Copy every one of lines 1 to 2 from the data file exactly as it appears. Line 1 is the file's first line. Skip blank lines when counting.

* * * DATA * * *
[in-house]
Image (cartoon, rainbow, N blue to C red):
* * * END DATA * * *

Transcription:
[in-house]
Image (cartoon, rainbow, N blue to C red):